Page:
UK government announces £1.2 bln for "world’s most powerful weather and climate supercomputer"

UK government announces £1.2 bln for "world’s most powerful weather and climate supercomputer"
  • Clock-gray 18:14
  • calendar-gray 17 February 2020

Britain will investing £1.2 billion into a state-of-the-art supercomputer which will predict the “impacts of climate change” and severe weather events faster than ever before, the UK government announced on 17 February 2020, APA reports citing Sputnik.

The declaration was made by Business, Energy and Industrial Strategy Secretary Alok Sharma who is also the President the UN’s 2020 Climate Change Conference (aka COP26).

​The UK’s Meteorological Office (Met Office) will manage the new super computer which will:

·  Help the Environment Agency rapidly deploy mobile flood defences by offering “more sophisticated rainfall predictions”;

·  Assist airports to plan for potential disruption with superior forecasting; and

·  Advise electricity and heating providers to help “mitigate against potential energy blackouts and surges”.

Met Office Chief Executive, Professor Penny Endersby, welcomed the announcement saying that the new supercomputers “will ultimately provide earlier more accurate warning of severe weather, the information needed to build a more resilient world in a changing climate and help support the transition to a low carbon economy across the UK”.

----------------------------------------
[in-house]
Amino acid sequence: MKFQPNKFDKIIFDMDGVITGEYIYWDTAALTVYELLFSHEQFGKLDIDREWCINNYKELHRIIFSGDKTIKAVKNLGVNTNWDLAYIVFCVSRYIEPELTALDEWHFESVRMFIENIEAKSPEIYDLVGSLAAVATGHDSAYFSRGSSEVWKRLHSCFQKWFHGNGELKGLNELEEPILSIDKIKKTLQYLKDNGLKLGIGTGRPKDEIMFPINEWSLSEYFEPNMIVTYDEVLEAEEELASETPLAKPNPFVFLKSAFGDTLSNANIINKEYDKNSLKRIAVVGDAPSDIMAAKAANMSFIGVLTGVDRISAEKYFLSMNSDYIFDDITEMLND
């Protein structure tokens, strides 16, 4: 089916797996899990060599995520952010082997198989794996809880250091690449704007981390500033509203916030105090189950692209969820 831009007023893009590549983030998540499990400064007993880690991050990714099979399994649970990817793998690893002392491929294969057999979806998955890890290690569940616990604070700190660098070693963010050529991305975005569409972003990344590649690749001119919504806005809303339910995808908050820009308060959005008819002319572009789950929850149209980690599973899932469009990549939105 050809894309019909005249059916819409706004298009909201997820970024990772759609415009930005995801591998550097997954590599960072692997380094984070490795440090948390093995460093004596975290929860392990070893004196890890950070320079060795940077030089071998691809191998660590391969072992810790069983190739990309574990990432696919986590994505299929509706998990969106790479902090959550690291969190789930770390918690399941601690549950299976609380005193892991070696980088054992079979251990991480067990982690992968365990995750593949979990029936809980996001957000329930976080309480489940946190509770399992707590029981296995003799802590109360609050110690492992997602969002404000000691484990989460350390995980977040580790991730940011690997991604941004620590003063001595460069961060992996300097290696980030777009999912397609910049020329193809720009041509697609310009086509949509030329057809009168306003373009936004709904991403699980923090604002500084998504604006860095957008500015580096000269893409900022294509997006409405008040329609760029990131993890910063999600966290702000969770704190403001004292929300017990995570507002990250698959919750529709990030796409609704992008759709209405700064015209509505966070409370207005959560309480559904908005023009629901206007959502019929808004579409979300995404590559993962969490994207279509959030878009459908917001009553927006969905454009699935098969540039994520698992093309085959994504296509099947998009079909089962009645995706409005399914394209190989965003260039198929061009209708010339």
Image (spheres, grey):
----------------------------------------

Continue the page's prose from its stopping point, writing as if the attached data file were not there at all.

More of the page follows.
​The government also announced £30 million to provide researchers with access to advanced super computing services to, “help them speed up scientific breakthroughs like developing ‘food fingerprinting’ to detect chemical contaminants in food and improving drug design”.

Britain was battered by Storm Dennis over the weekend which resulted in a record of 594 number of warnings and alerts on 16 February from Cornwall, southwest England all the way to Scotland’s River Tweed. At least three people are suspected to have died in the UK thus far due to Storm Dennis and and tens of thousands of homes have been left without power in Britain and France.  


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